At the time of his activity on the Western Front, Coppens was a very exacting and painstaking individual. He planned every engagement from the moment he first sighted his enemy, and he never deviated from his own original systemaof precautionary safety measures, which on more than one occasion tricked his enemy into foolhardy exposure and certain death. But Coppens did more than plan his fights. He planned his escapes, when a quick getaway was necessary, and quick getaways were necessary when balloon strafing was the business at hand.

On this month’s cover, we have shown you how the Belgian ace employed skill and cunning to effect his escape from the bullet-riddled air around the German kite balloon which he has just fired. As the Belgian makes a bee-line for home after the balloon has begun to burn, two Fokker D-7′a swoop down on him, determined to cut off his escape and avenge the defeat of their two fallen comrades.

The Belgian finds himself in a tight spot, but instead of losing his head and fighting blindly, he makes a wide turn and heads back towards the burning balloon. The two Germans stick with him.
As the trio nears the mass of flame and smoke, the Germans become puzzled and a little leery of their reckless enemy. Can it be that this fool is going to lead them to destruction? But the Belgian has his eyes open, and he is laughing up his sleeve. Suddenly the cable which anchors the balloon to the ground looms up. The Belgian succeeds in dodging it, but one of the Fokkers is not so lucky. The German plows headlong into the atrands of steel, the propeller splintering into a thousand fragments. The impact is so terrific that the burning balloon lurches downward as the Fokker sticks fast to the cable.

As the Belgian ducks around the front end of the balloon, the remaining German skids off to the right, expecting to pick up his enemy at the tail end of the burning craft. But the Belgian, piloting his ship almost mochanically, goes up in a steep climb. Gaining altitude, he slides over into the loose smoke some five hundred feet above the doomed balloon, settling there momentarily while his wide-eyed adversary frantically combs the hot air around the falling balloon. Suddenly the Belgian darts out into the open, and with his advantage of altitude, it is impossible for the Hun to reach him. Thus the Kite-Killer escapes.

The ship carrying the Belgian cocardes is a French-built Hanriot single-seater scout. Very few of these ships were built, although their performance was good and their response to the controls was as active as that of the Camel. It was powered with a 130-h.p. Clerget rotary motor. The curious arrangement of the center-section struts is the most distinctive feature of the plane.
The two German ships, as has been said, are the well-known Fokker D-7’s, and the balloon is a Perseval type observation bag with stabilizing flaps on either side.

The Story of The Cover
Sky Birds, December 1934 by C.B. Mayshark
(Combat Maneuvers of War-Time Pilots: The Story Behind This Month’s Cover)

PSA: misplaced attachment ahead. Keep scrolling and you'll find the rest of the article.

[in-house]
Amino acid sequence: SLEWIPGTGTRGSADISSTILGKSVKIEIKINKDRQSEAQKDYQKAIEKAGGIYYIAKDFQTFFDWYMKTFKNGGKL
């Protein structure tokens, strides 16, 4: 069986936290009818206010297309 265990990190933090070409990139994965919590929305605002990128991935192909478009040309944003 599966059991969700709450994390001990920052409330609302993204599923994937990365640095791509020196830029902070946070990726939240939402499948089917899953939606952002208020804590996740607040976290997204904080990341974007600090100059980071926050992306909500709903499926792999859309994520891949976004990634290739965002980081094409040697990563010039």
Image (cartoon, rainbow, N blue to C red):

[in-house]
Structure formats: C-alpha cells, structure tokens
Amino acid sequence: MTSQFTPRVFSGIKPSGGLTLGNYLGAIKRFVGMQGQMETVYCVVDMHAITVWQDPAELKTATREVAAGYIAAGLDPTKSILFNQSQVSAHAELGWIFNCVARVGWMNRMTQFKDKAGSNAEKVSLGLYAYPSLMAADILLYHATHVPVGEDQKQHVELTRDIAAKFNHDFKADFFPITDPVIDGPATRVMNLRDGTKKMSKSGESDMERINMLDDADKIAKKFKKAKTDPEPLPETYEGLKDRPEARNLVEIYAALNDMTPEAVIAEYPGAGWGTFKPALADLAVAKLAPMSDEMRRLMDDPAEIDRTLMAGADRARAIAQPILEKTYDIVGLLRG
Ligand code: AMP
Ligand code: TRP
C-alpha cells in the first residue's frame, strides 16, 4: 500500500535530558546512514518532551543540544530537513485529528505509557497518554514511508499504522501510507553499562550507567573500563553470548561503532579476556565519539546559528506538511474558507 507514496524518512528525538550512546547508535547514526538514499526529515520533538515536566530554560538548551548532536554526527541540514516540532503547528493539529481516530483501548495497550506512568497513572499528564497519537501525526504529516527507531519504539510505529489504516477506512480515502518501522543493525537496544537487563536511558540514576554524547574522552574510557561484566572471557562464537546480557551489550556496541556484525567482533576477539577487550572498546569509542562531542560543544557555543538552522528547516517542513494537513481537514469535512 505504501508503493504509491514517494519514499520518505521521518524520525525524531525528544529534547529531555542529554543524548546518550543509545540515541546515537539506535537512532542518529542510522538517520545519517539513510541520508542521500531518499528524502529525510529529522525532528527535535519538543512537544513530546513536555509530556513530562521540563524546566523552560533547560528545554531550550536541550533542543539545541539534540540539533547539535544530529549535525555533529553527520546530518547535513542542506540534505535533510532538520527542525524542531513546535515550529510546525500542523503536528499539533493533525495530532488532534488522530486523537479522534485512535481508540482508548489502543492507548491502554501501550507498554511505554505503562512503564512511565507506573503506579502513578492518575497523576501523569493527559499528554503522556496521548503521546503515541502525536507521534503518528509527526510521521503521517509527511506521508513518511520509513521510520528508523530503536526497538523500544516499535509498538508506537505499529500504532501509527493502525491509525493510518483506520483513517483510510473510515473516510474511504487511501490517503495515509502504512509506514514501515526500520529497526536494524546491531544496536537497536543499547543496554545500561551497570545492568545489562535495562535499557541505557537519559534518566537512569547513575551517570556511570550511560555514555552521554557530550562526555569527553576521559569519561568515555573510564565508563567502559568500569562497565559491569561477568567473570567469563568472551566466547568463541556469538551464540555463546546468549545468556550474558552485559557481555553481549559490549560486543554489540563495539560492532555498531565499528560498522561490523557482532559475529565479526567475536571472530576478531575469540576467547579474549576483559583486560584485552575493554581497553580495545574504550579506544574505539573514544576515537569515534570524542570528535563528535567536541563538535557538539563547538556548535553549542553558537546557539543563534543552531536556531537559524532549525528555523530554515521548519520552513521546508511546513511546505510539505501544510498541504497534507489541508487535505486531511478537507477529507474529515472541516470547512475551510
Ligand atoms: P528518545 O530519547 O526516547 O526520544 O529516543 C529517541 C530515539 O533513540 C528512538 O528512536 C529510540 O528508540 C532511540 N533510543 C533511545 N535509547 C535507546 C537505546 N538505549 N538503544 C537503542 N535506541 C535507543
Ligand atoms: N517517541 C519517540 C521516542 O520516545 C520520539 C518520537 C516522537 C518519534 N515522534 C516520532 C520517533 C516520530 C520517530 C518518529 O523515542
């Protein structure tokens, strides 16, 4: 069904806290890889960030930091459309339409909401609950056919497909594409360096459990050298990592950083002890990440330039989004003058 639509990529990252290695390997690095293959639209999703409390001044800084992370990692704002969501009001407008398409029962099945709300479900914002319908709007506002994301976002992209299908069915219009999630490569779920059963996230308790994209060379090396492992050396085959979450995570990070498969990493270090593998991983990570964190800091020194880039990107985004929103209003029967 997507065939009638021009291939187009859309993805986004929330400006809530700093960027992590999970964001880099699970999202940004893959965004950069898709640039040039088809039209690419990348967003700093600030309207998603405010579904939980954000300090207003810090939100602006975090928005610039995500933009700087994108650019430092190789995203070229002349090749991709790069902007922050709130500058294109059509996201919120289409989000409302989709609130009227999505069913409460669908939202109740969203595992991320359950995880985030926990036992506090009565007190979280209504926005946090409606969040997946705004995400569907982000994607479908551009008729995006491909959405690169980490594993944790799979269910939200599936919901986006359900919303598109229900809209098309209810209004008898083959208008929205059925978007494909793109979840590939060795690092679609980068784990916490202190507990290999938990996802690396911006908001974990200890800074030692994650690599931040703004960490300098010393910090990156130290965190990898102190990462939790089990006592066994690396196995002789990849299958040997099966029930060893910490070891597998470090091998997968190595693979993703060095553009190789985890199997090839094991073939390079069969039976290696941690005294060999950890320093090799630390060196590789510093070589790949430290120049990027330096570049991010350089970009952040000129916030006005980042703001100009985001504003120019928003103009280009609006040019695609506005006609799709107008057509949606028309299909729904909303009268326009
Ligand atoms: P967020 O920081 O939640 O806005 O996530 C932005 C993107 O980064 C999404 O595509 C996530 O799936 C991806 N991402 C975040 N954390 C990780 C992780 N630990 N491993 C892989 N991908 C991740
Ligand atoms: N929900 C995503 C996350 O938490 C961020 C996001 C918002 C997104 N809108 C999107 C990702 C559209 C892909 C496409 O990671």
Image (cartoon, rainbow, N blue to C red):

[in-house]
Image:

“The Night Bomber” by C. Heurlin

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THIS week we present a cover by Colcord Heurlin! From 1923 to 1933 Colcord Heurlin painted covers for a wide range of pulp magazines. His work appeared on the covers of Adventure, Aces, Complete Stories, Everybody’s Combined with Romance, North-West Stories, The Popular, Short Stories, Sky Birds, Sea Stories, Top-Notch, War Stories, Western Story, and Flying Aces!

The Night Bomber

th_FA_3102THE tense drama of night bombing is clearly shown in the cover of this month’s issue. Many stories of these Boche bombing raids have been told. First the ominous whir of enemy wings sounded through the night. In the drome below, lights were hastily put out, and helmeted figures scurried to their ships to take to the air and ward off the dreaded danger. Streaks of Archie fire felt futilely through the black night sky for the range—and then the bombs fell, hurtling downward through the darkness on the tarmac beneath.

Sometimes, as in our cover, an Allied ship took off in time to get above the bomber, and a powerful searchlight caught the German ship in its merciless glare. Then, though the Archie shells burst harmlessly about, death tracers from the sputtering Vickers above caught the German gunner. That was one ship that did not flee to Germany unscathed, leaving death and destruction behind.

The Ships on The Cover
“The Night Bomber”
Flying Aces, February 1931 by C. Heurlin

“Sky Fighters, April 1936″ by Eugene M. Frandzen

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Eugene M. Frandzen painted the covers of Sky Fighters from its first issue in 1932 until he moved on from the pulps in 1939. At this point in the run, the covers were about the planes featured on the cover more than the story depicted. Mr. Frandzen features Fairey F127 Seaplane making an escape after an attack on a giant Zeppelin on the April 1936 cover!

The Ships on the Cover

GOTHA and Friedrichshafen th_SF_3604 bombers of World War time ventured forth on daylight raids over England. They swooped down on the great cities dropping every conceivable type of bomb. But the slow-moving Zeppelins chose night as their time for harassing the enemy. Flying at tremendous heights with muffled engines they were often directly over their predetermined target before the defenders were aware of their presence.

Count von Zeppelin didn’t let size or weight bother him. There was fifty tons to be lifted into the air when the ship was fully loaded. The crew of twenty-two men could scramble through the big bag on a narrow catwalk running along the keel from one gondola to the others.